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The Weightless Economy in Economic Development

  • Quah, Danny

Can the increasing significance of knowledge-products in national income---the growing weightless economy---influence economic development? Those technologies reduce ``distance'' between consumers and knowledge production. This paper analyzes a model embodying such a reduction. The model shows how demand-side attributes---consumer attitudes on complex goods; training, education, and skills for consumption (rather than production)---can importantly affect patterns of economic growth and development. Evidence from the failed Industrial Revolution in 14th-century China illustrates the empirical relevance of the analysis.

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Paper provided by C.E.P.R. Discussion Papers in its series CEPR Discussion Papers with number 2094.

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Date of creation: Mar 1999
Date of revision:
Handle: RePEc:cpr:ceprdp:2094
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  1. Aghion, Philippe & Howitt, Peter, 1992. "A Model of Growth through Creative Destruction," Econometrica, Econometric Society, vol. 60(2), pages 323-51, March.
  2. Paul M Romer, 1999. "Endogenous Technological Change," Levine's Working Paper Archive 2135, David K. Levine.
  3. Pohjola, M., 2000. "Information Technology and Economic Growth. A Cross-Country Analysis," Research Paper 173, World Institute for Development Economics Research.
  4. Acemoglu, D. & Zilibotti, F., 1998. "Productivity Differences," Papers 660, Stockholm - International Economic Studies.
  5. Quah, Danny, 1996. "Twin Peaks: Growth and Convergence in Models of Distribution Dynamics," CEPR Discussion Papers 1355, C.E.P.R. Discussion Papers.
  6. Aghion, Philippe & Howitt, Peter, 1992. "A Model of Growth Through Creative Destruction," Scholarly Articles 12490578, Harvard University Department of Economics.
  7. David, Paul A, 1985. "Clio and the Economics of QWERTY," American Economic Review, American Economic Association, vol. 75(2), pages 332-37, May.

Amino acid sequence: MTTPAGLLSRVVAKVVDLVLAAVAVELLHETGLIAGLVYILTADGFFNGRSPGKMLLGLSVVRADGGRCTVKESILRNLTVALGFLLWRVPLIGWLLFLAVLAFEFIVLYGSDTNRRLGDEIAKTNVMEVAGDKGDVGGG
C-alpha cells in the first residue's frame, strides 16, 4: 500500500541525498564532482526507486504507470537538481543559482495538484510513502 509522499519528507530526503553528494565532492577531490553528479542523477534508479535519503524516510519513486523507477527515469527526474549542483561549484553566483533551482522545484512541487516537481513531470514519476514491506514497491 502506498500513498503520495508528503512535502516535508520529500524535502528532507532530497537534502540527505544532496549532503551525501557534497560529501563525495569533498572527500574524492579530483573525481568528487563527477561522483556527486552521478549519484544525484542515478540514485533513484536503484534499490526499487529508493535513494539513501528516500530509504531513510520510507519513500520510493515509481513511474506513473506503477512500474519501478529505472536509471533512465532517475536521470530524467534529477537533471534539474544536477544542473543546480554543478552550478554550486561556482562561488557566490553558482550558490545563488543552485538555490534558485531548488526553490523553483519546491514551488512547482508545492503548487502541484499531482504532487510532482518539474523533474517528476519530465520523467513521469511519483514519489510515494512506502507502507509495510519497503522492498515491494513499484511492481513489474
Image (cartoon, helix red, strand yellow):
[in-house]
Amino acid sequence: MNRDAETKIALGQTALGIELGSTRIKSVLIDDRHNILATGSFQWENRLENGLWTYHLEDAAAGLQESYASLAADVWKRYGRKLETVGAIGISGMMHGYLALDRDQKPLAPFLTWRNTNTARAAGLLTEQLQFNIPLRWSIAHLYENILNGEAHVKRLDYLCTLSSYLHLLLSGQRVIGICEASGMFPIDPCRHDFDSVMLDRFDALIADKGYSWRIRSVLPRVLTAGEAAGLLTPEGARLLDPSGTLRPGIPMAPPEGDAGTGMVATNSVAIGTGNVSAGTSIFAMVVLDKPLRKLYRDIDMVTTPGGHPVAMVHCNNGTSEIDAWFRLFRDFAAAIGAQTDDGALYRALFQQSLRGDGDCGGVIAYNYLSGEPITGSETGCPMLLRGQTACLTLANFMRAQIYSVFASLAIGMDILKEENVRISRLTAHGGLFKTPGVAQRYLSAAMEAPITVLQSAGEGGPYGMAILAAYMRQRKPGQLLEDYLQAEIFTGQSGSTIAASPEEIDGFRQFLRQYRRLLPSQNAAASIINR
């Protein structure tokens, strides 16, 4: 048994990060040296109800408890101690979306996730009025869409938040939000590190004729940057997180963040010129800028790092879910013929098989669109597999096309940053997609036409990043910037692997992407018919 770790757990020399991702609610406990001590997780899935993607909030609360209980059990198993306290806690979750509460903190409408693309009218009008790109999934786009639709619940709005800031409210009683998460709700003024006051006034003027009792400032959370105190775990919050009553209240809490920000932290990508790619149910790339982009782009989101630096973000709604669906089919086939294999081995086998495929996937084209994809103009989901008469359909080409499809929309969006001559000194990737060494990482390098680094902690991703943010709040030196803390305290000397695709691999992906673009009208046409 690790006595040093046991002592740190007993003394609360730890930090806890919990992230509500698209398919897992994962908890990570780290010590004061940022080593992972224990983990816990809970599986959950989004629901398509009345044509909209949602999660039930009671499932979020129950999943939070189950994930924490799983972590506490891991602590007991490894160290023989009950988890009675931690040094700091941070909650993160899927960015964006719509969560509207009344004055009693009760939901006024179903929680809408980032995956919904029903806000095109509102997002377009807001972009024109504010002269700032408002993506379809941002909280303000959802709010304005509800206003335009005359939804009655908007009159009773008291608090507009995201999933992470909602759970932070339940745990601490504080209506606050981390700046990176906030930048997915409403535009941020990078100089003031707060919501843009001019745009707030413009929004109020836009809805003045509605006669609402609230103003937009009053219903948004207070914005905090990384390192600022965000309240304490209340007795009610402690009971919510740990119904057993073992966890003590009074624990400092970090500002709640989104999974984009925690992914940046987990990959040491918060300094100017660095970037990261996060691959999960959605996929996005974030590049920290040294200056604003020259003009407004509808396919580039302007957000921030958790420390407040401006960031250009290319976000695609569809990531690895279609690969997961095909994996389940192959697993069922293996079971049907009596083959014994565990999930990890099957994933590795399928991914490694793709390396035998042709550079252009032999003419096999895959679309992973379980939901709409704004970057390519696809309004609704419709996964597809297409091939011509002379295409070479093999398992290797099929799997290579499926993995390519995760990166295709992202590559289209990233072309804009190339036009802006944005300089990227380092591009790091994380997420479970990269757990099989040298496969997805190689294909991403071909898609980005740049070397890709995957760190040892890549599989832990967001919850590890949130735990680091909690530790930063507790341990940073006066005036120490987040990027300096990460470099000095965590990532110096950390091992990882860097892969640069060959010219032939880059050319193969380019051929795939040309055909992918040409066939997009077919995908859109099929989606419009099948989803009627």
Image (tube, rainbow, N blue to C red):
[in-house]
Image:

8. repec:tpr:qjecon:v:116:y:2001:i:2:p:563-606 is not listed on IDEAS
  9. Kenneth Arrow, 1962. "Economic Welfare and the Allocation of Resources for Invention," NBER Chapters, in: The Rate and Direction of Inventive Activity: Economic and Social Factors, pages 609-626 National Bureau of Economic Research, Inc.
  10. repec:oup:restud:v:58:y:1991:i:1:p:43-61 is not listed on IDEAS
  11. Grossman, Gene M & Helpman, Elhanan, 1991. "Quality Ladders in the Theory of Growth," Review of Economic Studies, Wiley Blackwell, vol. 58(1), pages 43-61, January.
  12. Danny Quah, 1996. "Twin peaks : growth and convergence in models of distribution dynamics," LSE Research Online Documents on Economics 2278, London School of Economics and Political Science, LSE Library.
  13. Jorgenson, D.W. & Stiroh, K., 1994. "Computers abd Growth," Harvard Institute of Economic Research Working Papers 1707, Harvard - Institute of Economic Research.
  14. Danny Quah, 1996. "Twin Peaks: Growth and Convergence in Models of Distribution Dynamics," CEP Discussion Papers dp0280, Centre for Economic Performance, LSE.
  15. Keely, Louise & Quah, Danny, 1998. "Technology in Growth," CEPR Discussion Papers 1901, C.E.P.R. Discussion Papers.
  16. L. Wade, 1988. "Review," Public Choice, Springer, vol. 58(1), pages 99-100, July.
  17. Rosen, Sherwin, 1981. "The Economics of Superstars," American Economic Review, American Economic Association, vol. 71(5), pages 845-58, December.
  18. repec:oup:restud:v:49:y:1982:i:1:p:3-13 is not listed on IDEAS
  19. repec:oup:restud:v:63:y:1996:i:2:p:301-29 is not listed on IDEAS
  20. Jones, Charles I, 1995. "R&D-Based Models of Economic Growth," Journal of Political Economy, University of Chicago Press, vol. 103(4), pages 759-84, August.
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